My body is changing. My physical form is occupying less space in the universe, and with this slow transformation there is a new self-awareness dawning. How can I explain this? It’s almost as if, for all the years –so many years!– that I’ve been taking up so much space, there was a gaping chasm separating my self, the real me, from my self, the physical me. Maybe I wouldn’t, or maybe I couldn’t look at the latter. Maybe it was just too much. This is not who I am, I’d say, and I’d turn the other way. But the problem is –was–, that we live in a physical world, so there is no escaping the physical self. That is what manifests. And what of the inner self? Where did that one go? That one who might have been beautiful, smart, capable, excellent. That one is smothered by the shell that is manifested in the physical. I spent years struggling with self-acceptance. The dichotomy between who I was and who I appeared to be was too great. E R R O R. C A N N O T C O M P U T E.
It’s so very easy to soothe this unrest, this distress, with all manner of deflections and cover-ups. Fill one’s every moment with something, anything, so that you don’t have to think about yourself, and the Grand Canyon that separates your self from your self. Be a super achiever. Move mountains. Consume mountains. At the end of the day, though, there remains a deep and aching sadness, because you can’t really cover up the Grand Canyon. It’s still there, and no matter how hard you may try to justify or explain or deflect or deny, the truth of the matter is that it is still there. You can’t escape from yourself.
What I’m beginning to notice, as I sit for a moment and gaze down at the legs folded beneath me, is that the chasm is closing. Ever so slowly. But it’s closing. Because when I look down at my physical self, I see my physical self. And I recognize a faint glimmer of my self. I can look at the legs beneath me and say, “Oh! That’s me. I’m sitting here. Those are my legs. They are attached to my body. They are a part of me.” And that is the beginning of acceptance.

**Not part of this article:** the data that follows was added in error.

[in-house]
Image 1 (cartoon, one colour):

Two things come to mind as I reflect upon these things. Why does it take a lifetime and a radical change to deem oneself worthy of one’s own acceptance? And why is there a chasm at all? It’s clear to see how the chasm has grown, but not so clear to understand where or why it began in the first place. The whole matter is tragic. Such a waste of life. Such a waste of beautiful moments, beautiful thoughts, beautiful breath. Such a waste.
I don’t know who will emerge once the chasm has healed, but I do know that I will embrace her, because she will be whole. She is who I am. She is the real me. Hello, old friend, I will say, when we meet. I’ve missed you.